Posts tagged ‘jobs’

Shop Local? City Governments Should Practice What they Preach

(UPDATE: City of Dayton responds: In a comment on a newly developed Facebook page about the controversy, the City of Dayton Office of Economic  Development responds in a comment )

In September 2010,  the City of Fort Wayne, Indiana hired a PR firm from Chicago, paying them $72000 to teach city employees about Social Media. The local, and very active Social Media community there was outraged. With all of the local talent, why spend taxpayer money out of town? The city said they needed the specialized talents of Carolyn Grisko & Associates, who had worked with other city governments. Fair enough. Still, was there really no individual or company who was up to the task (and might have taken a shade less than $72000?).  I would at least, think so.

Apparently this is widespread. The Dayton Daily News reported on Friday,  April 20, that the  City of Dayton Office of Economic Development had contracted Atlas Advertising, LLC from Denver to create an economic development website that promotes the city to businesses.  Atlas beat 15 other bids, including 5 local companies.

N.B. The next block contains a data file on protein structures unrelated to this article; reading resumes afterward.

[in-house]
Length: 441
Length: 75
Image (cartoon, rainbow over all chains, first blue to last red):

What’s wrong with this picture? Dayton has been hit especially hard by the recession, the closure of auto and auto-related plants, moves of companies that were once local institutions like NCR, which moved to Atlanta; and a talent exodus as people move to find other opportunities.  Dayton is undergoing a rebirth as more technical companies move in, and the city would like to attract more companies and talent.  That’s what the Office of Economic Development is all about.

What does it say about a city when businesses who are thinking about locating there don’t have enough confidence in their local companies to spend taxpayer money with them? Are the needs so specialized that only this Denver company can provide them? Yes, there is a difference between a one-person shop operating in a basement and a large company that can provide sophisticated back-end and database services, but there are several companies in Dayton that can do that.  Did the Economic Development commission even bother asking the members of New Media Dayton for recommendations?

The Cities of Fort Wayne, Dayton, Indianapolis, Knoxville or even Denver have every right to do business with whoever they want. Likewise, firms, including in Dayton,  can and do solicit business from around the country and world.  Still, if you’re the taxpayer entity that wants to tell the world how great your city is as a place to locate your business, why give your local providers a black eye?

When a city preaches about shopping local, but doesn’t do that when it buys city services, it rings a little hollow.

Your thoughts are welcome!

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Social Intelligence? Big brother is in charge of your future